The Proper Method of Using a Scissors

scissorsPalmer, E.W.  A Course in Bookbinding for Vocational Training. New York: Employing Bookbinders of America, 1927.

I’ve never thought too much about using a scissors, and can’t even recall ever being taught.  I’d usually hold the sheet of paper on the left side, with my thumb on top of the paper.  But after reading Palmer, I’m a convert the “proper method”.  It seems to result in a straighter cut, since the paper ends up slightly curling parallel to the direction of cutting, as well as acting as a more stable counter point for the action of the blade.  This right eye view, shows the exact perpendicularity of the scissors to the paper plane, as well as reminding us that often diagrams can show essential information much more clearly than a photograph can.

Of course, this is a small matter, and not using the “proper method of scissors cutting” will not hasten the end of civilization as we know it. But it does relate to the demise of technical education in general, and makes one worry about the hundreds (hundreds of thousands?) of other techniques that have disappeared, are almost forgotten or will become lost in the future.

6 thoughts on “The Proper Method of Using a Scissors

  1. TWINALISON

    Apparently now I will have to change to this system of cutting and when you really think about it make sense.I tried my normal way which was thumb on top. Something else to make my life simpler!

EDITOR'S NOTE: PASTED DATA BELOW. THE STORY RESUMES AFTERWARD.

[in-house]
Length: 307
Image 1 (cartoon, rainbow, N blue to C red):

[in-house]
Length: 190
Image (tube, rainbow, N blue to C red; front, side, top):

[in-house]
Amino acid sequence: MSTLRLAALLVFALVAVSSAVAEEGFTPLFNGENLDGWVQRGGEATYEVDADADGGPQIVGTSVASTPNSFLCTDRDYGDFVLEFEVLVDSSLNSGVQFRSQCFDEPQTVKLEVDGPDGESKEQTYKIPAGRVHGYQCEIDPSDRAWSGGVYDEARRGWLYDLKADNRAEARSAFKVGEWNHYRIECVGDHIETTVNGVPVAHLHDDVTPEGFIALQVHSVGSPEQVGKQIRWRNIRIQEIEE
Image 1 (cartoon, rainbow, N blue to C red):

2. Tom Conroy

    This book never seems to have been carried beyond the first, elementary, volume; its a pity, because as far as it goes it is one of the most thorough binding manuals. I have always assumed that the Depression put an end to the project.

  3. Jeff Peachey Post author

    Yep, the more I reread it the more I like it. Even some of the teaching methodology, like the class project of making a cloth cutting table seem useful, in the way it draws all members together. It seems very close to Pledger in its thoroughness, or potential thoroughness, but from a decidedly pedagogical orientation.

  4. Pingback: john townsend on book conservation education « jeff peachey

  5. Gaye Medbury

    Thanks Jeff for sharing all your knowledge on paper cutting and a little humor too boot! It was informative and I love learning something new.

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